New line cards and routers using the technology can process two to four times more traffic than the competition – up to 2.6 terabits per second – while using half as much power per gigabit, the company said.

What makes the chipset unique, is that customers can “tune” its performance through Junos to their bandwidth, subscriber and services needs over time.

In December the Trio chip will appear in first in the MX 3D Aggregation Line Card, a 120 Gbps card with 10GE density for aggregation, video distribution, data center and edge routing for Juniper’s MX 960/480/240 routers.

After that there will be two more cards, the MX 3D Universal Edge Line Card; and the MX 3D 100GbE Line Card, for edge uplink, inter-data center and high-bandwidth aggregation.

Next year will also see fixed and modular MX80 Series 3D routers, the company’s smallest routing switch which is said to be eight times as fast as competing routers. They are designed for delivering carrier Ethernet services for multi-tenant buildings, as well as mobile aggregation, video and enterprise edge deployments.

With Trio, “we can support hundreds of thousands of subscribers on 100GB access ports,” said Tim Lambie, vice-president for Americas said in an interview, “providing all of the features and more that we’ve provided in the past in terms of allowing multiple queues for customers and enhancing our world-class platform through both functionality and bandwidth.”

Pricing was not announced, but Juniper claims a substantial total cost of ownership saving and lower operating costs than competing products.

The new applications for cloud services on Juniper SRX series services gateways include AppSecure, a suite of tools designed to provide visibility and control over access to applications running in cloud-ready data centers, including an AppDOS service that protects cloud users from the growing threat of botnet-based denial-of-service attacks:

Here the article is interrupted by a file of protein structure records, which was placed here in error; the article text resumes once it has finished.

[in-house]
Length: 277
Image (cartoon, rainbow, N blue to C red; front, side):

The Junos Space development platform, which starts at US$15,000, ships with three applications: Ethernet Activator, which enables customers to quickly create and activate services, including activation of VPN services; Route Analyzer, which provides DVR-like recording and playback capability to plan, simulate and troubleshoot MPLS networks; and Service Now, which speeds resolution of service issues by having Juniper systems “call” Juniper support experts with troubleshooting data and details, said to save for service technicians.

By creating the unified Junos Pulse client, Juniper hopes to make things more secure for network managers. Pulse will support the Trusted Network Connect (TNC) open standards and specifications, promising seamless migration between remote and local access while interoperating with third-party network and security devices. Pulse will be available in first half 2010. Pricing will be consistent with the concurrent user pricing of Juniper’s SSL VPN and UAC products, the company said.

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Howard Solomon
Howard Solomon
Currently a freelance writer, I'm the former editor of and Computing Canada. An IT journalist since 1997, I've written for several of ITWC's sister publications including and Computer Dealer News. Before that I was a staff reporter at the Calgary Herald and the Brampton (Ont.) Daily Times. I can be reached at hsolomon [@]